PCI configuration space
|This article does not cite any references or sources. (January 2010)|
Introduction: PCI devices have a set of registers referred to as ‘Configuration Space’and PCI Express introduces Extended Configuration Space for devices. Configuration space registers are mapped to memory locations.Device drivers and diagnostic software must access the configuration spaces and operating systems have APIs to allow access to device configuration space. When the operating system does not have access methods defined or APIs for memory mapped configuration space requests, the driver or diagnostic software has the burden to access the configuration space in a manner that is compatible with the operating system underlying access rules. In all systems, device drives are encouraged to use APIs provided by the operating system to access the configuration space of the device.
One of the major improvements the PCI Local Bus had over other I/O architectures was its configuration mechanism. In addition to the normal memory-mapped and I/O port spaces, each device function on the bus has a configuration space. This is 256 bytes that are addressable by knowing the 8-bit PCI bus, 5-bit device, and 3-bit function numbers for the device (commonly referred to as the BDF bus/device/function). This allows up to 256 buses, each with up to 32 devices, each supporting 8 functions. A single PCI expansion card can respond as a device and must implement at least function number zero. The first 64 bytes of configuration space are standardized; the remainder are available for vendor-defined purposes.
In order to allow more parts of configuration space to be standardized without conflicting with existing uses, there can be a list of capabilities defined within the first 192 bytes of PCI configuration space. Each capability has one byte that describes which capability it is, and one byte to point to the next capability. The number of additional bytes depends on the capability ID. If capabilities are being used, a bit in the Status register is set, and a pointer to the first in a linked list of capabilities is provided in the Cap. pointer register defined in the Standardized Registers.
PCI-X 2.0 introduced an extended configuration space, up to 4096 bytes. The only standardized part of extended configuration space is the first 4 bytes at 0x100 which are the start of an extended capability list. Extended capabilities are very much like normal capabilities except that they can refer to any byte in the extended configuration space (by using 12 bits instead of 8), have a 4-bit version number and a 16-bit capability ID. Extended capability IDs overlap with normal capability IDs, but there is no chance of confusion as they are in separate lists.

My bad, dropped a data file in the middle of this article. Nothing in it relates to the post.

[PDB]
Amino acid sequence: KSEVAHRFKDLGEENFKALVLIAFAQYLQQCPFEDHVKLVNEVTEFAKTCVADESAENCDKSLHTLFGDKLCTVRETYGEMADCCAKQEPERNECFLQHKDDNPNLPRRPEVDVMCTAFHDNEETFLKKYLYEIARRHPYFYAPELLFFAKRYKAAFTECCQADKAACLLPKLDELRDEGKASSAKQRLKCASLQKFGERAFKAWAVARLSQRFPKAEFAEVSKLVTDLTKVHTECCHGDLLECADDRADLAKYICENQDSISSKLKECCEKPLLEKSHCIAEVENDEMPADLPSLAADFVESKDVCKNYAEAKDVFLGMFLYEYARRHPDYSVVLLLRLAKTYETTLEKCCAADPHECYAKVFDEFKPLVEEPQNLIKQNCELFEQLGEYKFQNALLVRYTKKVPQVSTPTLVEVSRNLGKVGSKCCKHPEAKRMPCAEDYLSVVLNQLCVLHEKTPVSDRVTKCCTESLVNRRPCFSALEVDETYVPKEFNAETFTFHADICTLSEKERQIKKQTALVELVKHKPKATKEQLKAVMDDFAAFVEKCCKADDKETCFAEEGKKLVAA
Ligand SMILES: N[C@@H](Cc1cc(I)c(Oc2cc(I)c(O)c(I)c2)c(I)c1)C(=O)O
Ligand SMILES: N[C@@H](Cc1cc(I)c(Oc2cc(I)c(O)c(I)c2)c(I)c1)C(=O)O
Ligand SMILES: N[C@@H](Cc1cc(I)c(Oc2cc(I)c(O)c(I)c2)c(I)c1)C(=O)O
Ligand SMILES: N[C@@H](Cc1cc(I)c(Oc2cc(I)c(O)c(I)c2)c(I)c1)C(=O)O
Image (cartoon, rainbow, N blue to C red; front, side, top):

The Vendor ID and Device ID registers identify the device model, and are commonly called the PCI ID. The 16-bit vendor ID is allocated by the PCI-SIG. The 16-bit device ID is then assigned by the vendor. There is an ongoing project to collect all known Vendor and Device IDs. (See external links (below).)
The Subsystem Vendor ID and the Subsystem Device ID further identify the device model. The Vendor ID is that of the chip manufacturer, and the Subsystem Vendor ID is that of the card manufacturer. The Subsystem Device ID is assigned by the subsystem vendor, but is assigned from the same number space as the Device ID.
The Status register is used to report which features are supported and whether certain kinds of error have occurred.
The Command register contains a bitmask of features that can be individually enabled and disabled.
The Header Type register values determine the different layouts of remaining 48 bytes (64-16) of the header, depending on the function of the device. That is, Type 1 headers for Root Complex, switches, and bridges. Then Type 0 for endpoints.
The Cache Line Size register must be programmed before the device is told it can use the memory-write-and-invalidate transaction. This should normally match the CPU's cache line size, but the correct setting is system dependent. This register does not apply to PCI Express.
In order to address a PCI device it must be mapped into the I/O port address space or the memory-mapped address space of the system. The system's firmware/device drivers or the operating system will program the Base Address Registers (commonly called BARs) to inform the device of its address mapping by writing configuration commands to the PCI controller. Because all PCI devices are in an inactive state upon system reset, they will not have any addresses assigned to them by which the operating system or device drivers can communicate with them. Either the BIOS or the operating system geographically addresses the PCI slots (e.g. the first PCI slot, the second PCI slot, or the third PCI slot, etc., on the motherboard) through the PCI controller using the per slot IDSEL (Initialization Device Select) signals.
Since there is no direct method for the BIOS or OS to determine which PCI slots have devices installed (nor the functions the device implements) the PCI bus(es) must be enumerated. Bus enumeration is performed by attempting to read the Vendor- and Device ID register for each combination of bus number and device number, at the device's function #0.